- Approaches to Teaching the Works of Jack ed. by Kenneth K. Brandt and Jeanne Campbell Reesman, and: Call of the Atlantic: Jack London’s Publishing Odyssey Overseas, 1902–1916 by Joseph McAleer
These two books present different aspects of Jack London (1876–1916)—one focusing on the works of the famous fiction writer taught at the undergraduate and graduate levels, the other on the unconventional notion of authorship London displayed as he managed to become, by many accounts, the most popular American author in the world today.
London’s two dog stories, Call of the Wild (1903) and White Fang (1906), are literary classics that have never gone out of print. But his dog stories are not representative of his forty-four published works and hundreds of short stories and essays, which cover a wide range of topics. While Joseph McAleer states that “the diversity of his writings was a distinct advantage” (160) in commanding attention and influence overseas, the editors of the mla volume, Kenneth Brandt and Jeanne Reesman, present London as an “ideal choice for the classroom” since he “offers an eclectic range of subjects, settings, styles, and political orientations” (ix).
As a businessman, London is often seen as haunted by his failed experiments. The 15,000-square-foot “Wolf House” he built in Glen Ellen, California, at an estimated cost of $75,000 in 1913 dollars, mysteriously burned down before he could move in. The hundred thousand fast-growing hardwood eucalyptus trees he planted on his 1,400-acre ranch as a cash crop twisted when dried and proved unsuitable for use as piers or railroad ties. His yacht, the Snark, built at great personal expense following the 1906 San Francisco [End Page 469] earthquake, had to be sold for a pittance less than two years into his planned seven-year trip around the world. However, London seemed to thrive on experimentation and was extremely successful as a writer in spite of his failures as a businessman. As Friedrich Nietzsche once observed, “A thinker sees his own actions as experiments and questions—as attempts to find out something. Success and failure are for him answers above all.”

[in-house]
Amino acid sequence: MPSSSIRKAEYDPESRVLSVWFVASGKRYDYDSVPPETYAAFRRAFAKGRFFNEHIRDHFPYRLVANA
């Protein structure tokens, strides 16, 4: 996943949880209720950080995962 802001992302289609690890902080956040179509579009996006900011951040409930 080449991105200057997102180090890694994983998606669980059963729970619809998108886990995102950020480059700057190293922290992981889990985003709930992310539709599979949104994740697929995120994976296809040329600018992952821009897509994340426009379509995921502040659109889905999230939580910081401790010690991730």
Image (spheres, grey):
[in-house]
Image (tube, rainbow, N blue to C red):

McAleer’s book focuses on the man “behind the public persona” to “reveal a side of the author’s life that has been overlooked by academics and critics . . . namely London’s publishing odyssey overseas” (xii). True, the history of London’s business dealings with his American publishers, editors, and agents has only recently been explored in Jay Williams’s Author Under Sail (2014), and both books contribute to a new and exciting direction in London studies. Not only do they provide in-depth examinations of previously undocumented aspects of London’s life and works, they also present entirely fresh understandings of London’s character as an author that have been arrived at by firsthand readings of the many far-flung and often hard-to-access primary source materials that have been preserved.
McAleer presents his findings as a story that can change our perception of London in many intriguing ways. First, he tells us that in 1905 London’s publisher, George Brett of Macmillan, sent London a copy of a newly released book, A Publisher’s Confession, by Walter Hines Page. Page, a partner and vice president of Doubleday, Page & Co., “warned authors that loyalty to one publisher was far more important in the long run than hopping from firm to firm in search of a more lucrative contract” (2). McAleer characterizes London’s daring or perhaps downright stupid behavior (both explanations are possibilities) in his publishing odyssey overseas by thoroughly documenting his repeated refusal to learn this lesson, his constant flirtation with disastrous results, his forgetfulness, his mendacity, his obsession with “every minute detail,” his bullheadedness, and his tenacity. With astute succinctness, McAleer states that London “held all the cards—and was his own...